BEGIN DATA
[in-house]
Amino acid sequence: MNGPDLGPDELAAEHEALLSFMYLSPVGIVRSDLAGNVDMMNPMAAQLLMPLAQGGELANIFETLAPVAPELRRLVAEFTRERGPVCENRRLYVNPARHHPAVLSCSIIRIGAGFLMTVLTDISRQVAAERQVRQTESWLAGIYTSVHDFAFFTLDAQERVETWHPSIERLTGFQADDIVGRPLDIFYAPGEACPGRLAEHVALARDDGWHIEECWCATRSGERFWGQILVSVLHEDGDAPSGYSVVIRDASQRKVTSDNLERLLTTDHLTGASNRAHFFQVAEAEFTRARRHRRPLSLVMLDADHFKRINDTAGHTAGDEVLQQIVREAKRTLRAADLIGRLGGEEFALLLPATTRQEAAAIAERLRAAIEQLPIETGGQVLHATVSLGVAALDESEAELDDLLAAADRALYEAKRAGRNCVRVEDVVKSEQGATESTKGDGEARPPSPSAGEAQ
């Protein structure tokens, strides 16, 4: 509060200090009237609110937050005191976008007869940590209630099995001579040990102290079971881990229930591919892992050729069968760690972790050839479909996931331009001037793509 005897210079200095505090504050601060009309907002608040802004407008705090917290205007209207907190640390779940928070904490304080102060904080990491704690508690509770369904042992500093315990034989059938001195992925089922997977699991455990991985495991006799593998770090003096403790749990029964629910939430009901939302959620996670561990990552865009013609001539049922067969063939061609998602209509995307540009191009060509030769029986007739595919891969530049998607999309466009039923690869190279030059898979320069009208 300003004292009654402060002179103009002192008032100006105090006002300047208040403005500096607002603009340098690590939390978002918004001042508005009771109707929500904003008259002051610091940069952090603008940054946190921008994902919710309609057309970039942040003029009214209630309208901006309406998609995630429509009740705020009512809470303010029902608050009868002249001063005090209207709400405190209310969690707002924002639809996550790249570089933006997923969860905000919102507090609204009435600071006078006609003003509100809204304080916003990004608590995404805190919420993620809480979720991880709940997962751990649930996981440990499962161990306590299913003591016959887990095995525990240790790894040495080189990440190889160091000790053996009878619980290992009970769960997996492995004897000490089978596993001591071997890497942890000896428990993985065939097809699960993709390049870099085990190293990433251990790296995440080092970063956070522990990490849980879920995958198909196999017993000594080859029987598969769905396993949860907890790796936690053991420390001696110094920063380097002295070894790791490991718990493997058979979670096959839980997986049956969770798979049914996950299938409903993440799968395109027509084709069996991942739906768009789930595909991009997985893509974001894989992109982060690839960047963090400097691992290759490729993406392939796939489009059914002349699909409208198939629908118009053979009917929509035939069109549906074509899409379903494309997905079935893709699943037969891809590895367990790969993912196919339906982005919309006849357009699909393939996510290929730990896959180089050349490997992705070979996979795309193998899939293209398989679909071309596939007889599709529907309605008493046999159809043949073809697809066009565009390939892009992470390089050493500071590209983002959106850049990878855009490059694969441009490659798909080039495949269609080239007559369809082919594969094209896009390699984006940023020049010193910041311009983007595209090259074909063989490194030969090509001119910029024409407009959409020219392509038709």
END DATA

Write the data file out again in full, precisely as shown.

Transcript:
[in-house]
Amino acid sequence: MNGPDLGPDELAAEHEALLSFMYLSPVGIVRSDLAGNVDMMNPMAAQLLMPLAQGGELANIFETLAPVAPELRRLVAEFTRERGPVCENRRLYVNPARHHPAVLSCSIIRIGAGFLMTVLTDISRQVAAERQVRQTESWLAGIYTSVHDFAFFTLDAQERVETWHPSIERLTGFQADDIVGRPLDIFYAPGEACPGRLAEHVALARDDGWHIEECWCATRSGERFWGQILVSVLHEDGDAPSGYSVVIRDASQRKVTSDNLERLLTTDHLTGASNRAHFFQVAEAEFTRARRHRRPLSLVMLDADHFKRINDTAGHTAGDEVLQQIVREAKRTLRAADLIGRLGGEEFALLLPATTRQEAAAIAERLRAAIEQLPIETGGQVLHATVSLGVAALDESEAELDDLLAAADRALYEAKRAGRNCVRVEDVVKSEQGATESTKGDGEARPPSPSAGEAQ
């Protein structure tokens, strides 16, 4: 509060200090009237609110937050005191976008007869940590209630099995001579040990102290079971881990229930591919892992050729069968760690972790050839479909996931331009001037793509 005897210079200095505090504050601060009309907002608040802004407008705090917290205007209207907190640390779940928070904490304080102060904080990491704690508690509770369904042992500093315990034989059938001195992925089922997977699991455990991985495991006799593998770090003096403790749990029964629910939430009901939302959620996670561990990552865009013609001539049922067969063939061609998602209509995307540009191009060509030769029986007739595919891969530049998607999309466009039923690869190279030059898979320069009208 300003004292009654402060002179103009002192008032100006105090006002300047208040403005500096607002603009340098690590939390978002918004001042508005009771109707929500904003008259002051610091940069952090603008940054946190921008994902919710309609057309970039942040003029009214209630309208901006309406998609995630429509009740705020009512809470303010029902608050009868002249001063005090209207709400405190209310969690707002924002639809996550790249570089933006997923969860905000919102507090609204009435600071006078006609003003509100809204304080916003990004608590995404805190919420993620809480979720991880709940997962751990649930996981440990499962161990306590299913003591016959887990095995525990240790790894040495080189990440190889160091000790053996009878619980290992009970769960997996492995004897000490089978596993001591071997890497942890000896428990993985065939097809699960993709390049870099085990190293990433251990790296995440080092970063956070522990990490849980879920995958198909196999017993000594080859029987598969769905396993949860907890790796936690053991420390001696110094920063380097002295070894790791490991718990493997058979979670096959839980997986049956969770798979049914996950299938409903993440799968395109027509084709069996991942739906768009789930595909991009997985893509974001894989992109982060690839960047963090400097691992290759490729993406392939796939489009059914002349699909409208198939629908118009053979009917929509035939069109549906074509899409379903494309997905079935893709699943037969891809590895367990790969993912196919339906982005919309006849357009699909393939996510290929730990896959180089050349490997992705070979996979795309193998899939293209398989679909071309596939007889599709529907309605008493046999159809043949073809697809066009565009390939892009992470390089050493500071590209983002959106850049990878855009490059694969441009490659798909080039495949269609080239007559369809082919594969094209896009390699984006940023020049010193910041311009983007595209090259074909063989490194030969090509001119910029024409407009959409020219392509038709």